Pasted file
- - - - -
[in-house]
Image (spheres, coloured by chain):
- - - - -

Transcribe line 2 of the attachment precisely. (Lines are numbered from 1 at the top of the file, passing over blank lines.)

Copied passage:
Image (spheres, coloured by chain):